business" is concerned, she and Thomas do seem to have stayed on the same
wave length to a remarkable degree. (Polly was able to recognize the other
heroes from a photograph, after all.) But Thomas has very actively entered
into this game, and without his participation, it would have remained no more
than that. Her epic, written at 14, Thomas dismissed as sentimental rubbish.
Consequently, very little of that piece of work ever broke through into Here
Mind you, I am not speaking of the ancient cycle in which he is trapped when
Polly meets him. This is the cycle to which Laurel and the King are bound.
Polly and Thomas have no control over it. (Not even Laurel and the King have
much.) But the "hero" tales were their own creation between them.
Does it occur to anyone other than me that the deathless Laurel is operating
under considerable limitations? Within her range, she is supremely powerful.
(She is also pitilessly resourceful whenever her power, or the cycle is
threatened.) But her range is extremely narrow. And has it occurred to anyone
out there, just how small the field is she that she hunts in? The characters
in this story are only those unlucky enough to actually live near her house,
or to stumble directly into her path. And, most important, she is not at all
imaginative. Indeed, considering her "gifts", to True Thomas -- to be unable
to speak anything but the truth, and to Thomas Lynn -- to have anything he
says become true and pursue him -- the indications are that Laurel places
about the same value upon the works of human imagination as the most rabid of
fundies. (Of course, theres a strong argument to be made that Laurel IS the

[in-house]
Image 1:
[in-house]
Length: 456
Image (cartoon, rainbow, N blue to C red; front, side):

most rabid of fundies.) Laurel clearly doesnt approve of her subordinates
having ideas. Indeed, this disapproval may have some bearing upon her
preference for preying upon musicians. Music -- instrumental music, that is,
and Laurel's offerings tend to be instrumentalists -- doesnt really deal in
ideas, it deals in emotions.
And what can we say about her chosen offerings? Leslie, who seems very much
in the fine, traditional, feckless mode, although witty, can hardly be
accused of any overabundance of ideas. His father, at least, had just enough
smarts (and a wife and a child, of whom he was fond) to eventually realize
what was going on and bargain his way out of it. Thomas was a good deal too
young and -- probably -- hormone-ridden to have any idea of what he was being
pulled into when Laurel got her hands on him in exchange for his brother. (He
was all of, what? Sixteen?) And hes been struggling to get out from under
her rule since before the funeral.
Moreover, it never occurs to Laurel to suspect that any of her offerings'
actions COULD pose a danger to the cycle. After all, once they have come into
her possession, they do not ever escape, unless she agrees to it. And she
makes the laws that they live by from that point on.
Polly -- thanks to her secondhand gift -- figures this out just in time. But
she never has the chance to stop and ponder the implications of what she has
just realized. She only grasps that, where Janet could save Tam Lin merely by
holding on to him, if Thomas is to be saved, she, Polly, must set him loose
to save himself. What Polly has only dimly realized -- because she hasnt yet
had the time or the opportunity to think about it, is that once Laurels